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Are Robot Pastors the Answer to Religion’s Decline?

Many Christians say no. Some Buddhists say yes. What is expected of the pastor?

Many Japanese Buddhists accept robots that act as priests. The question arises, what is the priest or pastor expected to do and be?

Recently, we were informed that robots can never be Catholic priests:

Sister Mary Christa Nutt, RSM, told CNA that robots cannot be priests because they are incapable of having an intellect or a will with which to cooperate with God’s grace…

“We believe that the priest is in the person of Christ, so only a human being can participate in the person of Christ with intellect and will,” Nutt said.

Mary Farrow, “In robota Christi? Why robots can never be Catholic priests” at Catholic News Agency

But one Catholic theologian has suggested that robot priests could provide an advantage:

Perhaps a non-human priest—armed with all the holy knowledge imaginable and none of the unholy behavior—might be the perfect way to renew the faith.

Ilia Delio, a professor of Christian Theology at Villanova University, offered Vox some fascinating thoughts about this.

Instead of trying to persuade Catholic worshippers that priests are somehow divinely consecrated, she said, perhaps the existence of robot priests would offer a new perspective on being a good person to deserve eternal life.

“We have these fixed philosophical ideas and AI challenges those ideas. It challenges Catholicism to move toward a post-human priesthood,” she said.

Chris Matyszczyk, “Robot priests more acceptable to Protestants than Catholics, says professor” at ZDNet

Fr. John Kartje, rector of Mundelein Seminary in Illinois, makes a key distinction:

He said that according to the article, Buddhist priests might be possible, because they are people simply guiding people along a path. But for Catholics, he said, their faith necessitates an encounter with a person—God.

“For Christians, prayer or any sort of religious activity is not primarily a path, but it’s an encounter with a person…with God. And so, that for me is the fundamental distinction. What the priest is doing, he’s acting in persona Christi, in the person of Christ,” Kartje said.

Mary Farrow, “In robota Christi? Why robots can never be Catholic priests” at Catholic News Agency

Delio thinks that Protestants would accept robot clergy better than Catholics because they are “the more stoic and the less soaring.” But not much evidence supports her view.

The fundamental theological issue for all Christians is the core tenet that God became a man to enable human salvation: “For we do not have a high priest who is unable to empathize with our weaknesses, but we have one who has been tempted in every way, just as we are–yet he did not sin.” (Hebrews 4:15, NIV)

But if the priest or pastor is not even a human being, the claim would sound hollow.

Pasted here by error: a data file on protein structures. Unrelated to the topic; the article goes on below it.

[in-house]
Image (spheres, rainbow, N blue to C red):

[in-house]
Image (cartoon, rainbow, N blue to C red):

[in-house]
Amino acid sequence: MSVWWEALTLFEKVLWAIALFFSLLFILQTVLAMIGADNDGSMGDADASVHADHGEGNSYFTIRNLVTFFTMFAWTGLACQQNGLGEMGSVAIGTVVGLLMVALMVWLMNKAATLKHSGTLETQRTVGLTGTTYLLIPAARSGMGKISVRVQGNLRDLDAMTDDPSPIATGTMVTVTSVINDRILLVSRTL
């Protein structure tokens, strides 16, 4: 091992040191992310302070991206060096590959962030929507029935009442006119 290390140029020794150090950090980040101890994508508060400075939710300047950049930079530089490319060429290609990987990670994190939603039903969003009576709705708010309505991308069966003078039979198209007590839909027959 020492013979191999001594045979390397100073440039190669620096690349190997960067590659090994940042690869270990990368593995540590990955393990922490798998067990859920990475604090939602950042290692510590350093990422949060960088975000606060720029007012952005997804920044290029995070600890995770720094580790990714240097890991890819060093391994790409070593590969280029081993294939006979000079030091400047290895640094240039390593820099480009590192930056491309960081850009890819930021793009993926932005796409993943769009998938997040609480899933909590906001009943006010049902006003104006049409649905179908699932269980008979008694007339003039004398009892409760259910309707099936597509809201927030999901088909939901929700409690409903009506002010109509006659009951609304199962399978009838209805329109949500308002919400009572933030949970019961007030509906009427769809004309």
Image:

East Asia may present a different, more complex picture. Tensho Goto, chief steward of a Kyoto temple, explained the difference, as illustrated by the robot priest Mindar:

Goto told the news outlet that people’s reactions appear to be influenced by their cultural background, with Western visitors being more disturbed by the robot than Japanese worshipers, who come from a culture that has embraced robots.

“It could be the influence of the Bible, but Westerners have compared it to Frankenstein’s monster,” Goto said.

Goto said the Buddhist deity on which the machine is based is not limited to a single form, meaning an artificially intelligent machine may be just as capable as anything of delivering messages about the Buddha’s path. Unlike a human priest who exists inside the impermanent vessel that is the human form, Mindar has a distinct advantage.

“This robot will never die, it will just keep updating itself and evolving,” Goto told AFP. “That’s the beauty of a robot. It can store knowledge forever and limitlessly.”

Peter Holley, “Meet ‘Mindar,’ the robotic Buddhist priest” at Washington Post

So a great deal depends on whether believers think that faith must be mediated through actual human beings:

It’s not a huge surprise that Japan is the initial market for a robotic service like this, although it’ll be interesting to see whether or not it catches on. There’s certainly a question of whether there are particular aspects of a given religion that, for whatever reason, depend on a real live human to imbue them with meaning. There are some subdivisions of Buddhism (including Tibetan Buddhism) that encourage the use of technologies like prayer wheels to help make prayer more efficient: Spinning a prayer wheel (which can even be done electrically), they believe, will have a similar spiritual effect to reciting the prayer inscribed on it.

Evan Ackerman, “Pepper Now Available at Funerals as a More Affordable Alternative to Human Priests” at IEEE Spectrum

At present, Mindar simply recites Buddhist teachings but more AI is said to be in progress:

Perhaps it comes down to what we believe is the ultimate reality and what we expect our beliefs about that ultimate reality to do for us.

Further reading on robots and religion:

Why are robots part of religion in Japan? Declining population is only one factor. Ancient cultural beliefs are another: The robotic goddess is not an AI cult-of-the-decade steaming out of Silicon Valley. She is intended to blend in with age-old traditions, not replace them.


Robot priests: and you thought “robotic religion” was just a pointed criticism…? You know, rote prayers, mindless gestures… Is that the way of the future for some? It’s not so simple. How well robot priests adapt to a religious culture may depend in part on what the culture believes about the purpose of prayer. If what matters is chiefly the number of prayers iterated, the robot priest is an adaptation of the prayer wheel.

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Are Robot Pastors the Answer to Religion’s Decline?